Lies: A Fair and Balanced Review

About a year ago I put myself on a no-caffeine, no-Chomsky diet. I know there are a lot of people out there who read Chomsky’s political writings and get all upset because they think it’s nothing but a pack of lies. I’m not one of those people. By the time I finish reading Chomsky I’m upset because I believe most of what he writes, and what he writes is depressing as all get-out. Chomsky has this way of saying something outlandish like “we should not forget that the U.S. itself is a leading terrorist state.” He then goes on for pages citing relevant newspaper articles, U.N. Resolutions, Senate testimony and U.S. policy documents to back up his claims. Being a linguist, he also doesn’t have the decency to bend the meaning of words so things like “terrorism” can apply when the bad guys do it but not when we do it.

After I went on my diet I became much calmer and happier. In my mind, the word chomsky became an adjective that described a whole class of media, not just those written by Chomsky himself. I started using the word to mean anything that lays out rational arguments that lead to depressing conclusions about the world. My media diet became stricter as I cut out Fairness and Accuracy In Reporting, The Daily Howler, The Center for Media & Democracy and sometimes even The Economist. (While chomsky can be of any political leaning, I don’t include people like Ann Coulter, Rush Limbaugh, Bill O’Reilly or Michael Moore because they’re more about appeals to emotion than rational argument — that’s a different class I call world wrestling federation.)

Now Al Franken has released a new book, Lies And The Lying Liars Who Tell Them: A Fair and Balanced Look at the Right. The title alone reeks of chomsky, and so my natural instinct was to curl up with my latest copy of IEEE Spectrum Magazine until it went away. But then Fox News sued Franken for using the words “Fair and Balanced” in his title. Their lawsuit, which was quickly thrown out, accused Franken as an “unstable” and “shrill” “C-level commentator” who is “not a well-respected voice in American politics.” With an endorsement like that, how could I resist?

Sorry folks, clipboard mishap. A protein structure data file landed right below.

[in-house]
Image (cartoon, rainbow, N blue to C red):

The first thing I note is that professional comics like Franken are much funnier than linguists. (He’s also a lot lighter on the endnotes: this is beach reading, not an academic journal.) Some of the gags are gentle ribbing, like this passage from his section on the environment:

Perhaps there is someone reading this who is saying, “Give me a break, Al. I don’t care about the environment.” To you, I have this to say: You were not legitimately elected president, sir. But I respect the office you hold, and I’m honored that you’re reading my book.